• My Army daughter, who fired a much higher Expert score than I ever did with M-16, was, in just a few short weeks, on a much, much smaller scale, slightly similarly promoted from barracks room commander, to squad leader, Student Platoon Sergeant, and then Student First Sergeant, in charge her Training Company’s routine activities and movement and their off duty time. It was a lot of extra work, nothing I’d ever aspired to when I was in the Army, but more power to her, and more power to Askew, in that we can be quite reasonably certain the Army at West Point didn’t lower standards and allow multiple practice runs for Captain Askew the way they reportedly did for the recently-tabbed first female Army Rangers.


      “In the two months since I have graduated, I have spoken with countless fellow tabbed Rangers on the topic, both from my class and from previous classes. Every morning, my Facebook news feed is filled with statuses from my peers, with links to articles on the topic and discussions on the progress of the females left in the course. We are universally in awe of what these two female Rangers have accomplished. Everyone I have talked to is of one mind. They earned it. Without the same wide shoulders, large frames, and high testosterone levels of their brother Rangers, they earned it. Unfortunately, the naysayers will continue to talk trash and belittle CPT Griest and 1LT Haver’s historic accomplishment. In response, I would like to close with a recent quote from MAJ Jim Hathaway, the current RTB executive officer:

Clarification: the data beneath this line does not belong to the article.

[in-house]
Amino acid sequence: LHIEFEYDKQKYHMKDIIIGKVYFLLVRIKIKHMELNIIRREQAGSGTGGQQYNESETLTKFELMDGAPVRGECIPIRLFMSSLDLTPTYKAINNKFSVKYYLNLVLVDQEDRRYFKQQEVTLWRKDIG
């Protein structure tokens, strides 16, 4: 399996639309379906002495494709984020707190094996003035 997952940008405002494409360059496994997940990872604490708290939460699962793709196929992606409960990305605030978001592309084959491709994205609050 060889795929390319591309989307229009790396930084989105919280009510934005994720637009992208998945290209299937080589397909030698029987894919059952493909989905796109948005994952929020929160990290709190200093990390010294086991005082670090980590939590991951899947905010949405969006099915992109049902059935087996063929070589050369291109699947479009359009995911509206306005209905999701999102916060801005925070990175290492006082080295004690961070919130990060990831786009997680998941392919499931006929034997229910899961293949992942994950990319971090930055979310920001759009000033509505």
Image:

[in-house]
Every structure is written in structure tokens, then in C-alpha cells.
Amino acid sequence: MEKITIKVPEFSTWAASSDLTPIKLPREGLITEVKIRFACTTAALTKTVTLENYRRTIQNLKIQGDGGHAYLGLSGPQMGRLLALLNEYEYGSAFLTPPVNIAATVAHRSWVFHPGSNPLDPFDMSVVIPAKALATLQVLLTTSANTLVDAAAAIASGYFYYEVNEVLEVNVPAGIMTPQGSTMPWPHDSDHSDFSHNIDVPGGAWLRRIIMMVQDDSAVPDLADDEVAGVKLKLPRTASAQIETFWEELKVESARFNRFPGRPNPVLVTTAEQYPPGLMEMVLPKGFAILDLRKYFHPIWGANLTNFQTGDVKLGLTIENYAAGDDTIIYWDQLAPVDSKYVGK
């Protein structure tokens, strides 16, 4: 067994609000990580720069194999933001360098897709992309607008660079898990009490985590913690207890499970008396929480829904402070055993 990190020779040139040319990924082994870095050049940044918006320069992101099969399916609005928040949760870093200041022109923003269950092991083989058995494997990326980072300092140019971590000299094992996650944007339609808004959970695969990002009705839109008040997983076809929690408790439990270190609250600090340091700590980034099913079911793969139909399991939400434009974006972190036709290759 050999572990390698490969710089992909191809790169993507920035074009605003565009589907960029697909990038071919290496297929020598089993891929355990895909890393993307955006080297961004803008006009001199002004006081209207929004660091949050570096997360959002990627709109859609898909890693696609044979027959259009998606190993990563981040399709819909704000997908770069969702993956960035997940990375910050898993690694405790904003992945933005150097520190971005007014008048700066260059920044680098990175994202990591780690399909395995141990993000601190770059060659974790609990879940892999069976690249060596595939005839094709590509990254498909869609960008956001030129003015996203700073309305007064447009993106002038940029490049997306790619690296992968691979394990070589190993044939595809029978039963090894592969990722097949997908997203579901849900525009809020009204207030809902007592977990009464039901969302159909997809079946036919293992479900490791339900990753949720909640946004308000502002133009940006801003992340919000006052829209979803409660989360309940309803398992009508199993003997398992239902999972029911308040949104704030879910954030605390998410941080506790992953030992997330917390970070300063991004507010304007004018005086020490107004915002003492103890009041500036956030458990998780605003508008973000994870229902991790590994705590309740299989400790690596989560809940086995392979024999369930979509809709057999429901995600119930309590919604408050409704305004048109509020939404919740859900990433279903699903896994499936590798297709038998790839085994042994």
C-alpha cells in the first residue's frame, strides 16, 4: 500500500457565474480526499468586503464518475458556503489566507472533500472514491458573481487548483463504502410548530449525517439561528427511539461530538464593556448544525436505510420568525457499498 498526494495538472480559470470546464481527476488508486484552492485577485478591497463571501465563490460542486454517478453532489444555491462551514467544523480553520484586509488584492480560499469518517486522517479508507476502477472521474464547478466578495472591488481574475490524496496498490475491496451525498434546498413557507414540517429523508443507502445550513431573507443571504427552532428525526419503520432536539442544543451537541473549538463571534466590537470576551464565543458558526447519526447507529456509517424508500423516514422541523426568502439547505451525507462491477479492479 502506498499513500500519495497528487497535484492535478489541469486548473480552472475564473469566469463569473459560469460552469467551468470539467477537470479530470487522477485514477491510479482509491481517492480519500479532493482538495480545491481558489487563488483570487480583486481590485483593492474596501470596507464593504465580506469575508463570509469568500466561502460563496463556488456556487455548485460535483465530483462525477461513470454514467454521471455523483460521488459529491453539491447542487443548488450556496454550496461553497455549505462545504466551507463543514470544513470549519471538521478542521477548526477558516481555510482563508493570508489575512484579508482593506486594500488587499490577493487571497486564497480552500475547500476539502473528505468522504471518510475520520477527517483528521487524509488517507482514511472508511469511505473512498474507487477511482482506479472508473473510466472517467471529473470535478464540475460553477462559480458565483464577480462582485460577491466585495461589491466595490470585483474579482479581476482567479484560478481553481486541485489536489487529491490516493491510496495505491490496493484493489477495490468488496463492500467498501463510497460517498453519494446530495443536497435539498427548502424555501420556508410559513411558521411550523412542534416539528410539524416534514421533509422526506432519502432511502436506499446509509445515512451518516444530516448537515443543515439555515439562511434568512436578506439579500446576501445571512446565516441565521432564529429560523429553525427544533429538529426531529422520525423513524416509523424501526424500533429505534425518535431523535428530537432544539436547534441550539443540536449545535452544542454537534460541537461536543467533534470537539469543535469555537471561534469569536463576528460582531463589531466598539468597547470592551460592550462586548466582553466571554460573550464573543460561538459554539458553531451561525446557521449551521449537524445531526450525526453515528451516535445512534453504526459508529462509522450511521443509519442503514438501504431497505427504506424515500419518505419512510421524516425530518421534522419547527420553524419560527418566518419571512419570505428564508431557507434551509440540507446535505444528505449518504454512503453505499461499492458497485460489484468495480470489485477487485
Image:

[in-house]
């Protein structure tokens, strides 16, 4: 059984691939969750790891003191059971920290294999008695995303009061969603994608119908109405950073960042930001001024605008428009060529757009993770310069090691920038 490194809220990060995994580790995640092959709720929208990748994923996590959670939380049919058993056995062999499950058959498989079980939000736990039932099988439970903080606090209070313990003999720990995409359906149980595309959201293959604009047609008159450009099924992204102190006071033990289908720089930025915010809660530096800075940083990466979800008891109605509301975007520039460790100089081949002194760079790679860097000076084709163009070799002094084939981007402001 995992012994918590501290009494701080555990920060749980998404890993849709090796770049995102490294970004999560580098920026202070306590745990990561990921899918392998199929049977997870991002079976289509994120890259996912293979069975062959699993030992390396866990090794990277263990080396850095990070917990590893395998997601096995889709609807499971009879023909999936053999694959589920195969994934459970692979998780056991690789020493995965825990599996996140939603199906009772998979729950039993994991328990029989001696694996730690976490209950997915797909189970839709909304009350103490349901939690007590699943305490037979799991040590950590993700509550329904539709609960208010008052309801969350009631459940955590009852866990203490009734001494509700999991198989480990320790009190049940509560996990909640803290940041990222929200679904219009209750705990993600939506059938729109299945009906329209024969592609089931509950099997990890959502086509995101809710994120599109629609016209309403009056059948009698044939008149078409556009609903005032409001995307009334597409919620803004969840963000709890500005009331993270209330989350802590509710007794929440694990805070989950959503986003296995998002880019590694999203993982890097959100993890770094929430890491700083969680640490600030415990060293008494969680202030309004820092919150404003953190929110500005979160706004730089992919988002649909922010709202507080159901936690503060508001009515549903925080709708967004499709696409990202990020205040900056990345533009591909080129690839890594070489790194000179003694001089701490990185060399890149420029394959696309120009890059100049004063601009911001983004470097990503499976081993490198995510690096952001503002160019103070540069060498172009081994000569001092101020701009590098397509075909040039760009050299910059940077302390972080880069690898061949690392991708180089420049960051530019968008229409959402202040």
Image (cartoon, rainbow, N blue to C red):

‘No matter what we at Ranger School say, the non-believers will still be non-believers. We could have invited each of you to guest walk the entire course, and you would still not believe, we could have video recorded every patrol and you would still say that we “gave” it away. Nothing we say will change your opinion. I and the rest of our cadre are proud of the conduct of our soldiers, NCOs, and officers; they took the mission assigned and performed to the Ranger standard. Rangers Lead the Way!'”

      • You believe the brass and their press releases if you choose to, I served in the Army some time back and my daughter’s an Iraq combat vet. From multitudinous experience, we both choose to mistrust most of the Army’s official pronouncements. But West Point’s old and solid and up-front enough to trust, probably, and, like I wrote, we can be quite reasonably certain the Army at West Point didn’t lower standards and allow multiple practice runs for Captain of Cadets Askew; she must have earned her position.